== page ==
Comprehensive Guide for Foreign Workers Living in Germany

Comprehensive Guide for Foreign Workers Living in Germany

Planning and relocating to a new country can be quite challenging and complex. People who decide to do everything on their own are at higher risk of facing problems during the immigration process.

If you want to ensure your journey toward a job offer in Germany goes smoothly, we’re here to help. In this article, we will walk you through the most important aspects of searching for jobs and moving to Germany.

Let’s get started!

Researching and Understanding the German Labour Market

Before embarking on your journey to Germany, it is crucial to research the labour market to identify the most promising industries and sectors for your skills and professional qualifications.

The German economy is known for its strength in various fields, including engineering, manufacturing, technology, and finance. You can use online job portals, professional networks, and job fairs to explore opportunities and connect with potential employers.

Working In Germany with Robin

Job hunting is way easier when you have professional recruiters by your side. That’s why more than 40,000 people from different EU countries collaborated with Robin to find a new job!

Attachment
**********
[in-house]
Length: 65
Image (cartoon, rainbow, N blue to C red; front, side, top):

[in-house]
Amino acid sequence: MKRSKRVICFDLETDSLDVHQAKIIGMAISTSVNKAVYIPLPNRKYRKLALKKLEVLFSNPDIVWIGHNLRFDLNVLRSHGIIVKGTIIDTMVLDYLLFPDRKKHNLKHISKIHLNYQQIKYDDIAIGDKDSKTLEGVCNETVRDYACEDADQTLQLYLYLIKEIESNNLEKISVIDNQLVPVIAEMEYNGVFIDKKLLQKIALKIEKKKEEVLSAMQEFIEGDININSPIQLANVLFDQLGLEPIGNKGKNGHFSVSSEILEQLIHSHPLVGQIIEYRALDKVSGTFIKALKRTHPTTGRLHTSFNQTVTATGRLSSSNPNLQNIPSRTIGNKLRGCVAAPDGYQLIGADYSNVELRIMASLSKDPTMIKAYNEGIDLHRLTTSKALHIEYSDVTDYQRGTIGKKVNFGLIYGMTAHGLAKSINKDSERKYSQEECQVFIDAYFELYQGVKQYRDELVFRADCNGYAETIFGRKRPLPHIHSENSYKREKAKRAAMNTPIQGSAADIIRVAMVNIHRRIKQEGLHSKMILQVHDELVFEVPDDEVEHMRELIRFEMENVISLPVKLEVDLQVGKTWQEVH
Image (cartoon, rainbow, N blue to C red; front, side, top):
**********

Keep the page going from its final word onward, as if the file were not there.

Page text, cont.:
And you can do it too, completely free of charge. Our goal is to match skilled workers like you with employment agencies in Germany, Belgium, and the Netherlands. Here is how it works.

You register on our website and fill out information about yourself and your previous work experience. We have job opportunities for experienced workers and people who are just starting. Based on your profile, we show you the best match vacancies. You have some time to see the job description and consider the offer; if you accept it, our recruiter will contact you for further information and the necessary steps.

One of the most significant advantages of finding a specific job with Robin is that you work with a recruiter from your country who speaks your mother tongue. This makes the entire process easier and less stressful.

On top of that, our team is more than happy to assist you in creating your CV and other arrangements necessary for your relocation to Germany. They work with numerous job seekers like you and know all the details necessary for a smooth transition.

If you want to ensure your position in one of many reliable German companies, register on our website and let us guide you through! Only EU citizens are eligible to apply.

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Essential Travel Documents and Legalities

Necessary Residence Permits and Visas

You don’t need to get a residence permit or work visa if you are from the EU. But if you’re not, obtaining a German residence permit and work visa is critical in your journey to becoming a foreign worker in Germany. Depending on your circumstances, you may need to apply for your visa at a German embassy or consulate of the German authorities in your home country.

The processing time can vary, so plan accordingly and gather all required documents, such as proof of employment, academic qualifications, and valid travel insurance.